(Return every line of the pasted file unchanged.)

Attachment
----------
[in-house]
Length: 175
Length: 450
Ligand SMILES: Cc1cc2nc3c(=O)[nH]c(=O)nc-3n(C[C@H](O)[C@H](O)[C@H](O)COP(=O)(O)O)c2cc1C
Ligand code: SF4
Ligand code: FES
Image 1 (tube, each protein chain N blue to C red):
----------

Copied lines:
[in-house]
Length: 175
Length: 450
Ligand SMILES: Cc1cc2nc3c(=O)[nH]c(=O)nc-3n(C[C@H](O)[C@H](O)[C@H](O)COP(=O)(O)O)c2cc1C
Ligand code: SF4
Ligand code: FES
Image 1 (tube, each protein chain N blue to C red):